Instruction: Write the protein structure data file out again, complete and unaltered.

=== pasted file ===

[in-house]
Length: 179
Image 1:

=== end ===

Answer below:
[in-house]
Length: 179
Image 1: